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Emersed Rack

Discussion in 'Emmersed / Wabi Kusa' started by Tihsho, Aug 17, 2018.

  1. Tihsho

    Tihsho New Member

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    While working on getting my new fishroom together, I ended up jumping the gun and bought a few tanks with the Petco dollar per gallon sale. A few LFS's as well as local clubs are bringing a lot of plants in and I just wanted a place to store some plants as well as grow them out and propagate them like I used to years ago. Rather than work with the limited space of a half tall 10 and a 15 gallon as I used to, I figured it would be worth adding another range of tanks to get the job done. Why 10's? Well, they fit the space I have and I'm able to separate different species of plants in order to prevent some of the noxious carpetting plants from getting into other pots. But for now, less typing on my end and the initial shot of what's going on.

    [​IMG]
     
    #1 Tihsho, Aug 17, 2018
    Last edited: Aug 21, 2018
  2. Tihsho

    Tihsho New Member

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    **Update 8/19/18**

    For some reason my pictures are not loading, but I'll work on that when I get to a PC. My laptop died, so I'm going to be doing a lot of updates via mobile for now.

    Today I went through and painted the first row of tanks. The 10 gallons are temporary and most will end up being used in my breeder rack for spawning and raising of fry in the long run. For now I painted the rear (a short side since these will be stacked in a rack layout) and the bottoms with plasti-dip black in case I decide I want to go with another color scheme later. With 3 tanks done, I started to lay out the heating mats that will be providing base heat to each tank with one tank housing the thermostat probe. The controller will be set to 80 degrees F which should be ideal heat. I was able to find a brand of seedling heater mats that could be daisy chained to a single controller, we will see how that works out. Tomorrow I plan to setup the new LED lights when they come in. I decided to try an off brand from Amazon as the lighting won't have to be anything too special as I'm not dealing with depth of penetration through inches of water. Aquaponic pots, a cheap circulation pump (testing it out for the first time), and a timer for the lights I'm just waiting to be delivered.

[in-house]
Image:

I'm currently up in the air when it comes to substrates. Certain plants will be potted in MGOPS, where as others might be planted in old inert Flourite Sand with osmocote mixed in.

    The plan in the meantime is to run 6 tanks. In the process of running to a slew of Petco's for the dollar per gallon sale on its last day I got all but one tank. Since I'd like to keep the setup running with 6 tanks I'm going to use an old cracked tank, that happened to crack at the top during the move, to keep things going. Right now the planned layout is to house crypts in one tank, stems in another, anubias and Java ferns in another, oddball plants in the fourth, carpeting plants in the fifth, and have the 6th as a running spare for anything else that comes across. With my previous experience of Utricularia Gramnifolia and Hydrocotyle sp. Japan invading other pots, I think I might move what I have to individual 5 gallon tanks to prevent the contamination of these species in other pots.

    The only thing left that I need to get together prior to having everything running are lids of some sort. I'm contemplating whether I should get panes of glass cut, or go the greenhouse pane route. Anyone have any thoughts on which way to go?